But there are equally many risks. Demand for defence systems is dependent on the budgets of the Ministries of Defence and Security, which are politically negotiated. Sudden budget cuts can jeopardise company profits. Defence companies face political scrutiny and pressure because they are considered a sensitive area. This can lead to committee meetings, investigations and restrictions. Certain defence programmes and weapons can provoke public protests and controversy. This can have a negative impact on the reputation of the company and cause delays or cancellation of programmes. In addition, technological dependence. Companies often depend on the supply of specific technologies from a limited number of suppliers. Disruption to these supplies could jeopardise many of their programmes. Last but not least, a shortage of skilled workers. All companies in this sector suffer from a shortage of engineers, scientists and professionals with relevant skills and experience. This situation can slow down the innovation capacity of companies.

Current situation

Based on current consensus estimates for 2023, Lockheed Martin today trades at 22.5 times net earnings. This means that the stock is currently trading at a small premium to the five- and 10-year median earnings multiples of 17.9.

With higher interest rates, stock valuations should theoretically be lower, all else being equal. While I don't think Lockheed Martin is particularly expensive today (by its own standards and by the sector's standards), the stock is not a bargain - neither when we look at the valuation in absolute terms nor when we look at the current valuation compared to how the company has been valued in the past. Personally, I think $LMT+0.0% is really high quality, but unfortunately a bit overpriced. Dividend investors might not mind long-term if they are concerned about stability and longevity. The question is whether it's worth it for less than a 2.5% yield. And of course - it's always better to buy undervalued stocks, not overvalued ones.

Though of course Lockheed Martin stock can still rise in the long run as the underlying business grows and LMT continues to reduce share count while increasing dividends over time.

Lockheed is reducing the number of shares outstanding, thereby increasing value for its shareholders. Source
Moreover, Lockheed's dividend is definitely dependable. It has been increasing it for decades. Source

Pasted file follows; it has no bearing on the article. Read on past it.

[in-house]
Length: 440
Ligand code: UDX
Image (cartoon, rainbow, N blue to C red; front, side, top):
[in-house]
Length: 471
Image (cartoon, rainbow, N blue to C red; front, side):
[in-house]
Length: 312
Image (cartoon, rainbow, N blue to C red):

Long-term growth drivers will include increased military spending by the U.S. and other NATO members. In particular, countries in Europe that have not spent much on the military in the past will be forced to spend more money on defense equipment to meet NATO spending targets and to improve the performance and capabilities of their militaries. Non-NATO partners of the U.S., such asSouth Korea and Japan, are also increasing their defense spending over time, which presents business growth opportunities for Lockheed Martin.

While the space and nuclear technology business is not particularly large at present, it also certainly provides the company with significant long-term growth potential.

Speaking of valuation - If we look at the company's long-term earnings, we find that it is a mostly steadily growing company, with long-term earnings growth of 11%. However, the company seems expensive today - as I mentioned above. It expects earnings growth to accelerate again in 2024, thanks to growth in F-35 aircraft maintenance and additional orders in all areas of the business.

Free cash flow has been growing at around 9% per year for a long time. Outside of significant capital actions and one-time expenditures, it appears relatively stable and is projected to grow in the low to mid single digits over the next few years.

What do you think? Can $LMT+0.0% grow even further or will it return to a fair valuation?

Disclaimer: This is by no means an investment recommendation. This is purely my summary and analysis based on data from the internet and other sources. Investing in the financial markets is risky and everyone should invest based on their own decisions. I am just an amateur sharing my opinions.